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Behind Mexico's Most Violent Month


We turn now to Mexico, a country that has experienced a particularly violent period. The Mexican government released official figures last week reporting that more than 2,000 people were killed in May, making it the deadliest month in Mexico since the government began tracking murders there in 1997. To find out what's behind this, we called NPR's Mexico correspondent, Carrie Kahn. She's in Mexico City. Carrie, thanks so much for joining us.

CARRIE KAHN, BYLINE: Of course. Thanks for having me.

MARTIN: So first of all, you know, Mexico has experienced violence for some time. But with the arrests and the murders of many of the key figures in the drug cartels, I think a lot of people - at least in the U.S. - were under the impression that the level of violence had abated somewhat. So, first of all, how does this current spate of violence compare to what we saw at the height of the drug wars? And why is this happening now?

KAHN: Well, as you said in the intro, it is highest, like, this last May was higher than the May of 2011, which has been noted as the height of the drug war. And why is it happening? The high demand for heroin and other drugs in the U.S. is one reason that's keeping the cartels alive, and they're at the source of the violence here. There are a lot of turf battles between drug cartels going on right now and power struggles inside some of those cartels.

And the government's strategy to fight them remains the same. It's known as the kingpin strategy, where they go after leaders of the gangs. And what happens is when they take off these top leaders and the leadership, there is - it just creates a power vacuum. There's also been a severe weakening of what was once Mexico's largest and more powerful group, the Sinaloa cartel.

MARTIN: Why does that matter?

KAHN: The Sinaloa cartel was really Mexico's largest and most powerful. And it was under the leadership of Joaquin Guzman - El Chapo. You might remember him as making that spectacular escape from Mexico's maximum security prison through the tunnel. He was caught, and he's now been extradited to the U.S. and awaiting trial in New York. But a lot of people say that the violence uptick has happened since his arrest and extradition.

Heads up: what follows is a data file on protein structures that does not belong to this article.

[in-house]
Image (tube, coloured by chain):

It's not just in that state of Sinaloa that gave the name of the cartel but in violence where - in new places like in Baja California Sur, where - the tourist areas of Los Cabos in La Paz, those were always relatively peaceful cities. And the latest numbers that the government just released, the statistics, the homicide rate in Los Cabos has jumped by more than 300 percent this year, so it's startling.

MARTIN: President Trump tweeted a statistic, saying that Mexico is the second deadliest country in the world only after Syria. Now, he tweeted this as his warrant for building the wall that he has, you know, promised during his campaign and subsequently. But is that correct?

KAHN: Well, he was quoting this study by this U.K. think tank, the International Institute for Strategic Studies that rate Mexico right next to Syria. And that has drawn a lot of scorn and criticism here in Mexico. If you just look at what they were reporting, they're looking at the total number of homicides, which is startling, like you said - 20,000.

But the murder rate is really calculated by, like, U.N. measures where you look at the murder rate per country per 100,000 citizens. And if you look at it that way, Mexico's is much lower than many countries right here in Latin America. Look at Honduras or Venezuela. And it's even lower than Brazil.

MARTIN: What has been the Mexican government's response to President Trump's tweet? But more broadly, what's been the response to this rising violence?

KAHN: It was really interesting because for so long they've sort of been ignoring Trump's tweets, especially when it's about the wall. But the government is really on the defensive about the murder rate because it is so high. So they actually sent out a press release going point by point of Trump's tweet. I was really surprised by that.

And they just said they are not the second deadliest country. They just cited those stats that I just gave you. And they said finger-pointing and wall building will not solve the drug problems. And violence is one that's shared between the two countries. Then you ask, what's the Mexican government doing? They're really sticking with their current strategy of taking out the leaders and the leaderships of the cartels. And obviously, it's not working, but that has been and remains the strategy here in Mexico.

MARTIN: That's NPR's Carrie Kahn in Mexico City. Carrie Kahn, thank you so much for speaking with us.

KAHN: Oh, you're more than welcome. Transcript provided by NPR, Copyright NPR.

Carrie Kahn is NPR's International Correspondent based in Mexico City, Mexico. She covers Mexico, the Caribbean, and Central America. Kahn's reports can be heard on NPR's award-winning news programs including All Things Considered, Morning Edition and Weekend Edition, and on NPR.org.